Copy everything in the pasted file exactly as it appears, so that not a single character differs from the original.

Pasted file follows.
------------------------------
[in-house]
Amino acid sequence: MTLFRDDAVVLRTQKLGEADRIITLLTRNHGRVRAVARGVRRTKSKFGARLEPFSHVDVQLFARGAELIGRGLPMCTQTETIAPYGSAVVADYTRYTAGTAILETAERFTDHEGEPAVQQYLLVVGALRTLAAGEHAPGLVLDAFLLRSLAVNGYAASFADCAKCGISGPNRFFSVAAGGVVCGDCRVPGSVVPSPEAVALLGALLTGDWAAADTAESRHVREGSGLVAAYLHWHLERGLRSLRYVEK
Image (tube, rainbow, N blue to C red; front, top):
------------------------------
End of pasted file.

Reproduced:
[in-house]
Amino acid sequence: MTLFRDDAVVLRTQKLGEADRIITLLTRNHGRVRAVARGVRRTKSKFGARLEPFSHVDVQLFARGAELIGRGLPMCTQTETIAPYGSAVVADYTRYTAGTAILETAERFTDHEGEPAVQQYLLVVGALRTLAAGEHAPGLVLDAFLLRSLAVNGYAASFADCAKCGISGPNRFFSVAAGGVVCGDCRVPGSVVPSPEAVALLGALLTGDWAAADTAESRHVREGSGLVAAYLHWHLERGLRSLRYVEK
Image (tube, rainbow, N blue to C red; front, top):